Will We Be Maintaining Our Genomic Health Record?

Posted on May 4, 2015 I Written By

John Lynn is the Founder of the HealthcareScene.com blog network which currently consists of 10 blogs containing over 8000 articles with John having written over 4000 of the articles himself. These EMR and Healthcare IT related articles have been viewed over 16 million times. John also manages Healthcare IT Central and Healthcare IT Today, the leading career Health IT job board and blog. John is co-founder of InfluentialNetworks.com and Physia.com. John is highly involved in social media, and in addition to his blogs can also be found on Twitter: @techguy and @ehrandhit and LinkedIn.

If you’re interested in Genomic Medicine like I am, be sure to check out my article on EMR and EHR called “When Will Genomic Medicine Become As Common As Antibiotics?” That’s a really interesting question that’s worth considering. We’re not there yet and won’t get there for a couple years. However, I think that genomic medicine will become as common as antibiotics and will have a massive impact on healthcare the way antibiotics have as well.

The article mentioned links to a genomics whitepaper that talks about a person’s genomic health record. I’d never heard the term before, but I’m definitely intrigued by the idea of everyone having their own genomic health record.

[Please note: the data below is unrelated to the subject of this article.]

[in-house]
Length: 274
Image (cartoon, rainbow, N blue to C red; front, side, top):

We’ve talked forever about people having a personal health record which they need to collect and maintain. Some people store it in a PHR on the web and others store it on a mobile phone. However, we’ve never really seen the personal health record take off. This is true for a number of reasons. The first is that it’s still quite difficult to aggregate your entire health record across multiple providers. I even read of one PHR that was paying doctors to provide them a patient’s record. The second problem is that patients don’t know what to do with all the records once they have them. Even if they go to their doctor and say they have their full patient record, the doctor hands them a stack of health history forms to fill out. Best case, they file a copy of the patients records in the chart (usually in some sort of PDF or paper copy).

Now let’s think about those challenges from the perspective of a genomic health record. If you’ve paid thousands of dollars for genomic tests and analysis, are you going to want to pay that again to the next doctor you see? No, they’re going to ask you for your copy of their genomic record and use that as part of your care. Patients won’t want to pay for another genomic test and it will be easier to get their record, so they’ll be more motivated to get and maintain it than they were with a simple personal health record. It’s pretty compelling to consider.

Some challenges and questions I have about how this will evolve. Will your PHR start to include your genomic health record or will it be something that’s stored separately? Will their be a standard for the genomic health record so that the doctor can easily use that record in the work they’re doing? Will the genomic health record be so large that it will have to be stored in the cloud?

What do you think of the concept of a genomic health record?